I would probably rethink the college plan a bit to put less in the 529 and a bit into taxable. While you are correct that you'll likely have some college expenses, and thus a 529 is beneficial, you probably don't want to plan to pay 100% of college via the 529. If your kids get scholarships, choose cheaper options, or don't finish, you could end up with more in the 529 than they use for their college and will get hit with taxes and penalties.

For us, we are shooting for about 75% in 529 and the rest in taxable.
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Re: 529s: One for family vs. One per kid

Post by jerryk68 »

We have one for each grandchild. As each grandchild gets older their plan gets more conservative. We don't want a newborn in a conservative plan.
gtd98765
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Re: 529s: One for family vs. One per kid

Post by gtd98765 »

In a 529 the owner controls the money no matter who the beneficiary is. You can move money between beneficiaries; we moved two years of prepaid tuition from our son's to our daughter's account, since the son went to an out-of-state school.

To a certain extent it is mental accounting, but I don't really see a disadvantage in having one account per child.
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Re: 529s: One for family vs. One per kid

Post by gtd98765 »

you could end up with more in the 529 than they use for their college and will get hit with taxes and penalties.
Yes but remember the taxes and penalties are on the earnings, not the whole amount.
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Re: 529s: One for family vs. One per kid

Post by Ben Mathew »

scubadiver wrote: Mon Aug 19, 2019 8:00 am My question relates to potential disadvantages of having just one 529 plan for the oldest and transferring leftover assets vice establishing a plan for each kid. This seems like a case of 6 one way, half a dozen the other, but perhaps I'm missing something. Thoughts?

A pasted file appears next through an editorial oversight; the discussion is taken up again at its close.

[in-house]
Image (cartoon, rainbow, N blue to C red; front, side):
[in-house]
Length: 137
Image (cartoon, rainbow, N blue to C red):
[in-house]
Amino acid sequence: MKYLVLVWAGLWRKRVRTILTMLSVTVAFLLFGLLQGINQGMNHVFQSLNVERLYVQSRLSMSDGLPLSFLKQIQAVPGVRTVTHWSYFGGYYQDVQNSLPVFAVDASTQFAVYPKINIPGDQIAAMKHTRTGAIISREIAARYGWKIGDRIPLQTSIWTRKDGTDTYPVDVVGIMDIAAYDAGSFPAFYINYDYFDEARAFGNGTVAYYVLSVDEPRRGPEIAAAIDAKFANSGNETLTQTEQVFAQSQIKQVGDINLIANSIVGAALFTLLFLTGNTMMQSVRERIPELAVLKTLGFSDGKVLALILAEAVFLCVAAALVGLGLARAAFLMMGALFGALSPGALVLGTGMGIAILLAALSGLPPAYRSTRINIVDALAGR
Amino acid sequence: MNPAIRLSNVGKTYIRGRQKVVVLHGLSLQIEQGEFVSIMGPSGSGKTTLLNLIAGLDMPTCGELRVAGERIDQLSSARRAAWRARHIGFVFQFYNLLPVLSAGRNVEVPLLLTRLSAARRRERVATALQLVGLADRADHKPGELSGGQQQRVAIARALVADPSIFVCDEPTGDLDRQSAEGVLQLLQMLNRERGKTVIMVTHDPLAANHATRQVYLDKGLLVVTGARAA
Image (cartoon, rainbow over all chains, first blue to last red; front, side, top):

This would be a problem:
rkhusky wrote: Mon Aug 19, 2019 8:07 am You might have more than 1 in college at a time.
Also, if your contribution exceeds the gift tax exclusion in a given year, you can avoid that by splitting the gift between the kids.

I see no disadvantage in having a separate account for each kid.
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Re: 529s: One for family vs. One per kid

Post by miamivice »

gtd98765 wrote: Mon Aug 19, 2019 8:15 am
you could end up with more in the 529 than they use for their college and will get hit with taxes and penalties.
Yes but remember the taxes and penalties are on the earnings, not the whole amount.
This is true. However, since you have to withdraw growth and contributions equally (you cannot withdraw growth first and contributions last), you will get hit with penalties and taxes if you do not use all of the money for qualified purposes.
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Re: 529s: One for family vs. One per kid

Post by Ben Mathew »

miamivice wrote: Mon Aug 19, 2019 8:08 am We have three 529s but none have our kids as beneficiaries. One is for my wife and two are for me.

Eventually, will will change the beneficiaries to the kids and rebalance so the balances are the same. That day is not today.